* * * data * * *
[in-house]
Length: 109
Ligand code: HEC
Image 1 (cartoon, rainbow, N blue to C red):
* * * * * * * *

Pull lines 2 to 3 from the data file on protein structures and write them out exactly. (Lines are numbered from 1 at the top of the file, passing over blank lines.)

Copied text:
Length: 109
Ligand code: HEC